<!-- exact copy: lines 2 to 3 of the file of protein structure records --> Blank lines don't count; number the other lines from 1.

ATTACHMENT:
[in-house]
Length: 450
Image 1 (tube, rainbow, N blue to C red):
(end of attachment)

Length: 450
Image 1 (tube, rainbow, N blue to C red):